Skip to main content

Being specific about feedback

I've just watched this video:



It got me thinking about the kind of feedback we give to students especially when we're marking books, or digital work.  Is it specific enough?  Is it the kind of feedback that is going to allow them to re-draft and get better at what they've done?  Or is it the kind of feedback we just give because we have to mark work and we've finished the activity.

The resonated with me when I look at my own teaching practice and try to be specific with feedback sometimes I slip into that need to just finish a task and give a little bit of feedback about what the students have completed vs giving them really specific feedback on where they can go next.  The time I have with the students is often a factor in the feedback I give them.  Something I need to be more aware of it I think as the less specific feedback isn't going to be helpful to them.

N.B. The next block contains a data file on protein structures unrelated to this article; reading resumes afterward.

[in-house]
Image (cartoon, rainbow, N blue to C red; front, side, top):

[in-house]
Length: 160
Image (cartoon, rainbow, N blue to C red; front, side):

As an ICT lead teacher working with small groups of students the feedback I give them is often on the spot and leads them to what to do next but I sometimes feel like I'm constantly just telling them what to do... however watching this video got me thinking - well actually they need to be told what to do next to improve on what they've already achieved.  Then the next time they use the same skill the starting point is much further along and they're ready to learn more complex skills.

I've been working on creating experts in classrooms and working out ways to get students to teach others rather than just doing it for them.  I think I'll take parts of this type of explanation when working with those experts so we can talk about the difference between feedback and doing the task for the other student they're trying to teach.  I think it's also a great discussion starter for how to be specific about feedback and the use of vocabulary especially the proper names for things when we're explaining how to do something using our ICT equipment.


Comments